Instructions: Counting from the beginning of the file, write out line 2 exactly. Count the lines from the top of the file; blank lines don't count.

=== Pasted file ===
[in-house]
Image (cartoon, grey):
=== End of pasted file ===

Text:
Image (cartoon, grey):